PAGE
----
EVERY YEAR I try to muster some excitement for Carnival, but I lost my enthusiasm years ago when I saw the festival heading down a one-way street at break-neck speed.
Don’t worry, I am perfectly aware that in some twisted, ironic way it is sacrilegious to criticise Carnival, but I proceed in any case because Carnival will remain stagnant without some constructive criticism.
Be forewarned, I am going to speak in broad, sweeping statements to make my points. Of course there are exceptions to everything I say, but I contend they are few and far between.
First, we must face that Carnival now rivals Christmas as a debt-inducing observance. Over the years, Carnival costumes have become skimpier, but the cost of costumes keeps rising. This I cannot fathom. What other time of the year do you celebrate getting less and less for your money?
This is not the fault of Carnival bands. Even I know enough economics to realise the cost of a product relies on supply and demand so the fault lies directly in the hands of masqueraders who cheerily fork out money for costumes that really do seem to fit in an envelope now.
On top of that, many masqueraders must pay money to have their own Monday wear made. The costumes that they forked out all that money for are now good for only Carnival Tuesday, and they don't always last through the day. Many masqueraders find themselves at makeshift seamstress stalls on the side of the road to repair their costumes.
The simple truth is that if people don’t demand more for their money, they end up cheating themselves.
It is arguable that the money masqueraders pay for their costumes is no one’s business but the person who is paying for the costume, and that’s true. I’m just arguing that the business of Carnival is putting a chokehold on Carnival’s creativity. There really doesn’t seem to be much incentive to waste time and effort on creativity if you can talk women into parading down the road almost nude.
On the other hand, I would argue that people should learn some sense about spending money wisely. I am sure many people go in debt for months to pay for their costumes. If good sense is supposed to prevail the rest of the year, we could argue that it should prevail at Carnival too.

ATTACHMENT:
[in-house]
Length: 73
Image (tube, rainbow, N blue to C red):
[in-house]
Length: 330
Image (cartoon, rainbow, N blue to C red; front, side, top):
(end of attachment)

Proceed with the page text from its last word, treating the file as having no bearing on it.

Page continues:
Then there is the music. We’ve been complaining about poor judging and grumbling for years that competition has killed calypso, but nothing meaningful has ever been done to rectify the problem. Certainly, separating the Calypso and Soca Monarch competitions was not the answer.
The problem before that separation wasn’t the music. It was the judging. The judges couldn’t figure out how to weigh apples and oranges – calypso and soca – so soca music kept getting the short end of the stick in the National Calypso Monarch competition finals on Dimanche Gras.
If my memory serves me right, the final straw came when SuperBlue lost the Calypso Monarch competition with Get Something and Wave in 1991.
The irony is that he lost any chance he had of winning the crown that year by slowing the tempo of the song to a miserable dirge. The audience tried admirably to wave their hands and finally gave up. So, this was not a good year to make soca’s loss in the Calypso Monarch competition a reason for separating us all musically.
Now we have two competitions that guzzle money and spit out prizes for a lot of bad music. The Soca Monarch competition sacrifices lyrics for music and the mistaken belief that the energy of soca comes from a frantic tempo and a list of inane orders to jump and wave. Soca is stuck in a rut while contestants chase prizes, and the masses just keep jumping.
Back in the Savannah, the national calypso competition slogs on in slow motion. No one wants to admit the loss of energy that accompanied the loss of the soca singers in the competition. The competition lacks energy and requires singers to be politically correct to please the judges.
Here, calypsonians are permitted somewhat of a bark, but they have lost their bite. The music is stagnant and boring, but no one complains about this competition either except for the handful of singers who can’t get into the competition because they perceive their subjects aren’t taken seriously by the judges.
The only solution I see is for people to demand more creativity in Carnival. If you don’t think that is possible, consider this: money talks, and I think it talks the loudest when you don’t take it out of your pocket.